The Ramblin' Rocket Club Is Taking Tech to New Heights
In the second installment of exploring student-led organizations involved in aerospace engineering, Steven Zhao of the Ramblin’ Rocket Club discussed his time as president, the operations of the organization, and the bright future ahead.
“To my knowledge, the club started out as three or four guys building rockets in the Student Center,” Zhao said. The club was started in 2005 with the idea of bringing a hobby to life. In 2016, when Zhao became a student at Tech, that spirit stayed the same — but by then there were more than 30 members and they had a small room in the Engineering Science and Mechanics Building.
The club now has four teams: High Power Rocketry (HPR), whose members not only create and launch high-power rockets, but also receive certifications from the National Association of Rocketry. Georgia Tech Experimental Rocketry (GTXR) is geared toward the world’s largest international rocketry competition, Spaceport America. Student Launch Initiative (USLI) is a project focused on a reusable rocket with collaboration from NASA engineers. And High Altitude Balloons (HAB) has a long-term goal of developing a balloon to travel around the globe.
As president, Zhao explained, “My primary job is to oversee all four teams (GTXR, HPR, USLI, and HAB) and to grow the club by looking for sponsorships, partnering with other organizations, and looking for more competitions and projects to participate in.”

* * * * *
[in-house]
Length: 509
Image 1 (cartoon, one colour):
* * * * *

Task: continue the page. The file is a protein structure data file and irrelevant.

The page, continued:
The club welcomes any student who wants to learn more, and membership begins with attendance of general meetings. These involve presentations, discussions about projects, and space news. There are also build sessions that happen after the general meetings, as well as advanced rocketry meetings on aerospace design and engineering. Watch parties are also held for space events such as the launch of SpaceX’s Falcon Heavy and the landing of the Perseverance on Mars.
The club is continually participating in a myriad of rocketry competitions, which not only helps them fine-tune their future operations but also shows them how easy it is for things to go wrong right up until the last minute. At a NASA competition at the Marshall Space Flight Center, Zhao recalled, “The rover ejection charge went off on the launch pad, likely due to a short circuit, which blew off the nose cone and destroyed the rover. They gave us 15 minutes to fix it.” Although stressful and one of the worst possible circumstances, looking back, he said, “It was a fun time all around.”
Another challenge came during the pandemic simply by virtue of having to move the club online. “My primary goal at the beginning of the year was to keep the club running,” Zhao said. And, due to restrictions and lack of students on campus, the USLI and HAB teams were put on hiatus this year. Zhao described members’ passion and how it shone through despite the many uncertainties and changes brought on by the pandemic: “I am proud to have witnessed the club's evolution over the past five years, and to have been a part of its leadership in the last two.”
When asked about if the club reaches out to professors for help while working on a project, Zhao said, “Everything is student-led and student-built. We mostly reach out to our club advisor and faculty when we're looking for something specific to fit our needs on campus.” This includes requesting access to increased work space to accommodate social distancing and buying a trailer for their travel needs.
What’s in store for the Ramblin’ Rocket Club? Space! The GTXR team is working on a rocket utilizing solid motors that can reach the Karman Line within the next year or two. Similar to the Yellow Jacket Space Program, the team is aiming for new heights for Georgia Tech. And Zhao hopes for renewed interest in the USLI and HAB teams in the fall, as well as getting people in HPR their level 3 certifications from the National Association of Rocketry.